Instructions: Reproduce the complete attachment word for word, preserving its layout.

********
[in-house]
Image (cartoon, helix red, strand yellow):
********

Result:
[in-house]
Image (cartoon, helix red, strand yellow):